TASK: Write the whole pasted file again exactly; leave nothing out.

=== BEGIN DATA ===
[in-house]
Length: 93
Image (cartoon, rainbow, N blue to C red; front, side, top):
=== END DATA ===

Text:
[in-house]
Length: 93
Image (cartoon, rainbow, N blue to C red; front, side, top):